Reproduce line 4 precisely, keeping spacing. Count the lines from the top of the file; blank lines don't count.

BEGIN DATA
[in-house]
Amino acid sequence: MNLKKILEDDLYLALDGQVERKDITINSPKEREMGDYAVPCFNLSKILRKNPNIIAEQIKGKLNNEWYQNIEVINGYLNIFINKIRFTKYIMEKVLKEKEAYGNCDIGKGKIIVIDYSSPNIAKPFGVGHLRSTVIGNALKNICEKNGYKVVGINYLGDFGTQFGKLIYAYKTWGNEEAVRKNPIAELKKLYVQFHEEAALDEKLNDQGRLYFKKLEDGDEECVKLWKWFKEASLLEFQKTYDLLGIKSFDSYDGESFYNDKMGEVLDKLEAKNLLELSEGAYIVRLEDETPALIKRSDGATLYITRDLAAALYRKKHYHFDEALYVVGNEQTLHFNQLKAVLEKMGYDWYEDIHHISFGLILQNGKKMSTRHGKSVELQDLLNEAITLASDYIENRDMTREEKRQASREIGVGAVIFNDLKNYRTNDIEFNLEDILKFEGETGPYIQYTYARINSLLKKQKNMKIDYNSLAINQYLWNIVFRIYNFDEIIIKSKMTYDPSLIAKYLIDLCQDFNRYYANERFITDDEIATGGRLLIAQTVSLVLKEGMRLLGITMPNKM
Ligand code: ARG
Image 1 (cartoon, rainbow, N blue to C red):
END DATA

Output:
Image 1 (cartoon, rainbow, N blue to C red):